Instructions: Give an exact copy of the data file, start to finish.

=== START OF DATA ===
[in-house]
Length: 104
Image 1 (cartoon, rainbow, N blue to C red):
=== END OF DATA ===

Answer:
[in-house]
Length: 104
Image 1 (cartoon, rainbow, N blue to C red):